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Harmar family collection


Held at: Chestnut Hill Historical Society [Contact Us]8708 Germantown Ave., Philadelphia, PA, 19118

This is a finding aid. It is a description of archival material held at the Chestnut Hill Historical Society. Unless otherwise noted, the materials described below are physically available in their reading room, and not digitally available through the web.

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"General Josiah Harmar (1753-1813) owes his place in diplomatic history to his role in the exchange of ratifications of the Treaty of Paris (Cat. No. 267). Ratification was required from the legislatures of nine states represented by the Continental Congress. The long process was not completed until mid- January 1784; the deadline for receipt of the ratification in Paris was March 3. Harmar, recently made Colonel, was appointed a bearer of dispatch to deliver the ratification. Winter storms delayed the Atlantic crossing and Harmar placed the document in the hands of Benjamin Franklin on March 29, nearly four weeks late, but the British raised no objections.

"On August 12 of the same year, Harmar was appointed commander of "the first national peacetime military force in American history, the progenitor and lineal ancestor of the establishment that has continued until the present. "[3] His small regiment was dispatched to Ohio in a largely unsuccessful attempt to protect the settlements there while driving illegal squatters out of the Northwest Territory. Harmar was brevetted Brigadier General in 1787, and he holds (with Governor Arthur St. Clair) the dubious distinction of waging the first official federal campaign against the Indians (October 1790). In a matter of weeks, he was forced to retreat from the Maumee Valley to Fort Washington (Cincinnati), a substantial setback. "Our loss is heavy, heavy indeed," wrote Harmar. Although he was officially absolved, his reputation was severely damaged and he resigned at the end of 1791."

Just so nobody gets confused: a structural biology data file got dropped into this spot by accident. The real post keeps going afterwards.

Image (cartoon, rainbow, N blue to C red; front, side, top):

US Department of State. "General Josiah Harmar - Item Detail - Diplomatic Reception Rooms," Accessed January 11, 2012.

Collection of photographs, newspaper clippings, genealogical material and other items related to the Harmar family sent via Mr. Francis J. Dallett.

Gift of Elizabeth G. Warwick, 2007.

Chestnut Hill Historical Society
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Finding aid prepared by staff of the Historical Society of Pennsylvania's Hidden Collections Initiative for Pennsylvania Small Archival Repositories using data provided by the Chestnut Hill Historical Society.
This preliminary finding aid was created as part of the Historical Society of Pennsylvania's Hidden Collections Initiative for Pennsylvania Small Archival Repositories. The HCI-PSAR project was made possible by a grant from The Andrew W. Mellon Foundation.
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